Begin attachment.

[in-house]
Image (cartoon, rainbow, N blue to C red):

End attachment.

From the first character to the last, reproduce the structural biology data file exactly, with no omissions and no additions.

[in-house]
Image (cartoon, rainbow, N blue to C red):